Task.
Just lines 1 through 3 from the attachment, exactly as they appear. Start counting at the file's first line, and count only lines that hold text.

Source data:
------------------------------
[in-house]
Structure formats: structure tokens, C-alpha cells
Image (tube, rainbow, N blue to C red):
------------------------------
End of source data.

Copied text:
[in-house]
Structure formats: structure tokens, C-alpha cells
Image (tube, rainbow, N blue to C red):